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Churches of the British Isles

Gallery: Churches of Devon

by Peter Kessler, 22 December 2019

Exeter Part 3: Churches of Central Exeter

The Medieval College of the Vicars Choral at Kalendarhay, Cathedral Yard, Exeter, Devon

The remains of the Medieval College of the Vicars Choral at Kalendarhay, Cathedral Yard can be seen on the eastern side of South Street (directly opposite the former site of St George's Church, now a KFC - see below), and formerly extending through to the western flank of the cathedral). The college probably predated the present cathedral. The Kalendar Brethren were a guild of cathedral clergy and Exeter's lay people, established about 1140 (possibly 1030).

The Medieval College of the Vicars Choral at Kalendarhay, Cathedral Yard, Exeter, Devon

The Kalendar Brethren were a voluntary organisation, performing charitable work and holding religious services. Initially they used both St Peter Minor and St Paul for services before switching to St Mary Major (see links). They built their guildhall and almshouses next to this church, forming a medieval college in what became 'Kalendarhay'. Decline set in after the English Civil War, although the entire complex survived intact until 1850 when the city began piecemeal demolition.

St George's Church, Exeter, Devon

The Church of St George the Martyr stood on the western side of South Street, directly opposite the Vicars Choral dining hall (see above). The doorway shown here itself stands in the Vicars Choral grounds, but originally came from the west wall of St George's. An early Saxon church of about the 800s, it backed onto St George's Street to the west (the former alleyway on its southern flank was also St George's). The tower was at that end and the chancel fronted South Street.

St George's Church, Exeter, Devon

The course rubble masonry chancel and single aisle nave were rebuilt in the 1300s, but this red-stone church was demolished in 1843. Ostensibly this was for road-widening, Exeter's standard excuse to remove inconvenient buildings. Parts of the north and west walls were incorporated into new buildings. These in turn were exposed by bombing in 1942. The doorway was moved to its present site on the opposite side of the road in 1954. A KFC now occupies the old site.

St Mary Arches Church, Exeter, Devon

St Mary Arches Church stands at the north-eastern corner of Mary Arches Street and a small L-shaped back lane, around forty metres north of the Fore Street junction. More formally dedicated as St Mary the Virgin Church, this red sandstone medieval building is thought to be the only church in Devon to retain its Norman arches, and was only one of four to be kept open during the authoritarian years of the Commonwealth when strict worship was enforced.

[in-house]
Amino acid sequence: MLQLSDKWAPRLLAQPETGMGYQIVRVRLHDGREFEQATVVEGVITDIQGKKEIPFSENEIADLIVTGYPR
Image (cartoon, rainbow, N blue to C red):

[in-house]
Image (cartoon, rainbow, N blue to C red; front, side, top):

St Mary Arches Church, Exeter, Devon

It was built in the twelfth century, the 'arches' epithet perhaps deriving from a medieval arched thoroughfare here. It has undergone various renovations over the centuries without them harming its general appearance. Damaged by fire in 1942's bombing, it was repaired and remained in use as the diocesan education office. In 2012 the church was rebranded as the Unlimited Church which attempts to make modern worship accessible and relevant for young people.

Exeter Synagogue, Exeter, Devon

Exeter Synagogue lies behind Elm House on the eastern side of Mary Arches Street. One Jacob Monis from Padua was apparently the first Jew since the banishment of 1290 to return to Exeter (by 1724). Further groups followed and in 1757 they leased land to form the Jewish Burial Ground (see links). In 1763 a small plot of land was leased behind St Mary Arches (above) in what is now Synagogue Place. The present synagogue was opened on 10 August 1764.

St Cuthbert's Church, Exeter, Devon

St Cuthbert's Church is presumed to have stood at the south-western corner of North Street and Bartholomew Street East, close to the city's North Gate at the southern end of Iron Bridge. A medieval parochial church within a larger parish, its date of construction seems unknown. It may have been built into the North Gate itself, and came down when that was demolished in 1769. Today the eastern end of Mary Arches Street multi-storey car park occupies the site.

St Kerrian's Church, Exeter, Devon

St Kerrian's Church stood on the east side of North Street (where the ramp now stands), and perhaps some metres north of the Waterbeer Street junction (see below) rather than immediately alongside it. It is first mentioned in 1194 as 'Capella Sancti Kerani', although the subject of that dedication is open to question, there being several saints whose names could be corrupted into 'Kerrian'. Despite being rebuilt in 1818, St Kerrian was demolished in 1878.

Little Meeting, Waterbeer Street, Exeter, Devon

Little Meeting (Plymouth Brethren) was located along Waterbeer Street, now the east-west walkway through Guildhall Shopping Precinct. Following the Declaration of Indulgence in 1687 and the Toleration Act of 1689, amongst the earliest nonconformist meetings in Exeter were James' Meeting, Bow Meeting, and Little Meeting - the 'Three United Congregations of Presbyterian Protestant Dissenters'. Little Meeting closed shortly after 1750 following reorganisation.

All photos on this page by P L Kessler. Additional information from Discovering Exeter 7: Lost Churches, Exeter Civic Society, 1995, from Two Thousand Years in Exeter, W G Hoskins, from Exeter Churches, Edith Cresswell, from The Route Book of Devon, Anonymous, Henry Besley of Exeter (Second Edition), circa 1846, and from Nonconformity in Exeter, 1650-1875, Allan Brockett.



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